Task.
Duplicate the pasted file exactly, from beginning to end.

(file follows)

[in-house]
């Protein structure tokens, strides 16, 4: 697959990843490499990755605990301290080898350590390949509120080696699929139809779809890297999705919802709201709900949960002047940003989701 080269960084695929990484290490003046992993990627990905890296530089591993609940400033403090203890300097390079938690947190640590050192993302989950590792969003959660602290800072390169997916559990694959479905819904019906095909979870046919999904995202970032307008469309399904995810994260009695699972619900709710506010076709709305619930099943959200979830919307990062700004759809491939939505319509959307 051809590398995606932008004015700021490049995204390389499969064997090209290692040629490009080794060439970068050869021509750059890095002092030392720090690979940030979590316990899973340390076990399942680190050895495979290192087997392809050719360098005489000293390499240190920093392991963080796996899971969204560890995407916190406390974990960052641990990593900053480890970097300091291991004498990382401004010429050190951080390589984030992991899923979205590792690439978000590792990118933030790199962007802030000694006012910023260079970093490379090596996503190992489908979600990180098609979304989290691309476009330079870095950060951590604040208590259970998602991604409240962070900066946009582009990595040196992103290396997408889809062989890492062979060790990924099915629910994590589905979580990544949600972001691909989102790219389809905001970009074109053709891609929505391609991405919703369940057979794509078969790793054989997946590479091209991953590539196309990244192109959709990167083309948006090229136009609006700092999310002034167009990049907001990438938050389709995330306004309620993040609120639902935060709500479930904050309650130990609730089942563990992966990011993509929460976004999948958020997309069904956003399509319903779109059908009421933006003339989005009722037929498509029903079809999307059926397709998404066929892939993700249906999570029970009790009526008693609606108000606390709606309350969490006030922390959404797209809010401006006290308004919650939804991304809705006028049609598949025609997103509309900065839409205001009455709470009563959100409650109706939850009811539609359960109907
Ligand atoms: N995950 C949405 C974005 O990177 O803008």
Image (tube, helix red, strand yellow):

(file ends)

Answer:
[in-house]
């Protein structure tokens, strides 16, 4: 697959990843490499990755605990301290080898350590390949509120080696699929139809779809890297999705919802709201709900949960002047940003989701 080269960084695929990484290490003046992993990627990905890296530089591993609940400033403090203890300097390079938690947190640590050192993302989950590792969003959660602290800072390169997916559990694959479905819904019906095909979870046919999904995202970032307008469309399904995810994260009695699972619900709710506010076709709305619930099943959200979830919307990062700004759809491939939505319509959307 051809590398995606932008004015700021490049995204390389499969064997090209290692040629490009080794060439970068050869021509750059890095002092030392720090690979940030979590316990899973340390076990399942680190050895495979290192087997392809050719360098005489000293390499240190920093392991963080796996899971969204560890995407916190406390974990960052641990990593900053480890970097300091291991004498990382401004010429050190951080390589984030992991899923979205590792690439978000590792990118933030790199962007802030000694006012910023260079970093490379090596996503190992489908979600990180098609979304989290691309476009330079870095950060951590604040208590259970998602991604409240962070900066946009582009990595040196992103290396997408889809062989890492062979060790990924099915629910994590589905979580990544949600972001691909989102790219389809905001970009074109053709891609929505391609991405919703369940057979794509078969790793054989997946590479091209991953590539196309990244192109959709990167083309948006090229136009609006700092999310002034167009990049907001990438938050389709995330306004309620993040609120639902935060709500479930904050309650130990609730089942563990992966990011993509929460976004999948958020997309069904956003399509319903779109059908009421933006003339989005009722037929498509029903079809999307059926397709998404066929892939993700249906999570029970009790009526008693609606108000606390709606309350969490006030922390959404797209809010401006006290308004919650939804991304809705006028049609598949025609997103509309900065839409205001009455709470009563959100409650109706939850009811539609359960109907
Ligand atoms: N995950 C949405 C974005 O990177 O803008």
Image (tube, helix red, strand yellow):